Direct Primary Care / Concierge Practices in Georgia: History, Rules, and Other Considerations

iStock_000033418316_Medium-e1626470315777Direct primary care practices (a.k.a. concierge medical practices) have become popular alternatives to the traditional insurance medical practice model.  Direct primary care practices cut out insurance companies from the provider-patient relationship.  This post intends to outline the recent history of direct primary care in Georgia and the relevant rules that practices must comply with to establish a direct primary care practice.  If you have questions regarding this blog post or migrating to a direct primary care or concierge practice, you may contact us at (404) 685-1662 (Atlanta) or (706) 722-7886 (Augusta), or by email, info@hamillittle.com. You may also learn more about our law firm by visiting www.hamillittle.com.

History: Senate Bill 18 in 2019

In 2019, Georgia became the 26th state to designate in its insurance code that Direct Primary Care practices are “not insurance” by passing Senate Bill 18.  At the time, 3.2 million Georgians were living in areas facing a severe physician shortage.  Dubois & Mesa, SB 18 – Direct Primary Care, Ga. St. Univ. L. Rev., Vol. 36:1, p. 136 (2019).  In supporting the bill, Senator Kay Kirkpatrick said:

It is a way for people who can’t afford high dollar plans to get the majority of their care handled for a reasonable and predictable amount of money and is also a way for people to keep their primary care doctor if they change plans or if their doctor is not in their insurance network.

Dubois, SB 18 – DIRECT PRIMARY CARE, p. 136.

Rules: The Written Agreement

Senate Bill 18 modified the insurance code in O.C.G.A. §§ 33-7-2.1.  Under the act, a “direct primary care agreement” means a contract where a “physician or the physician’s medical practices agrees to provide health care services to the individual patients for an agreed-upon fee and period of time.”  O.C.G.A. § 33-7-2.1(a)(1).  To avoid this arrangement qualifying as insurance and, thus, requiring the practice to abide by insurance rules, there must be an agreement in writing signed by the physician and patient.  Id. § 33-7-2.1(d)(1)-(2).  Other specific requirements of the written agreement include:

  • Either party must be allowed to terminate the agreement upon written notice.
  • The agreement must specify the scope of services covered by the periodic fee, what the periodic fee is, and whether there are any additional fees.
  • The duration of the agreement and any automatic renewal period must be specified in the agreement.
  • The agreement can require no more than 12 months of the periodic fee to be paid in advance.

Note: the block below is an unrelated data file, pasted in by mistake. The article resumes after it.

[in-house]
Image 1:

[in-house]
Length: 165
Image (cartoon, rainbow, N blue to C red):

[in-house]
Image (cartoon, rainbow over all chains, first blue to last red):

Importantly, the agreement must “prominently state in writing that such agreement is not health insurance.”  Other states require such disclaimer to be in bold, a larger font, a different color font, etc.  Some states require the disclaimer to be on the signature page.  To be safe, we usually include the disclaimer on the signature page in all caps and blue ink so there is no question whether the disclaimer is prominent.

Furthermore, if the agreement is terminated, any unearned portion of any fees paid must be refunded within 30 days of the contract’s termination.  The code section allows specific reasons for why the physician can terminate care for patients under the agreement in Section 33-7-2.1(e).

Other Consideration: Rule Changes, Telemedicine, & Medicare

There are numerous other considerations in drafting your practice’s direct primary agreement that are wise to discuss with an advisor or counsel.  For instance, the agreements should contemplate changes in the rules and what happens when the practice needs to modify the agreements to comply with any such changes.  If telemedicine is part of the services offered under a direct primary care agreement, protections for the practice can be incorporated into the direct primary care agreement.  It is also wise to consider the implications of treating Medicare patients, whether the provider is officially opted out of Medicare or simply not accepting Medicare patients.  If services offered under the direct primary care agreement are Medicare “covered services,” additional disclaimers and language can be added to the agreement to protect the practice and provider.

Our firm works with many providers to create forms and other policies to lawfully create direct primary care practices considering each practices’ unique needs.  If you have questions regarding this blog post or wish to discuss the process of migrating to a direct primary care or concierge practice, you may contact us at (404) 685-1662 (Atlanta) or (706) 722-7886 (Augusta), or by email, info@hamillittle.com. You may also learn more about our law firm by visiting www.hamillittle.com.

*Disclaimer: Thoughts shared here do not constitute legal advice.

 

 

 

 

 

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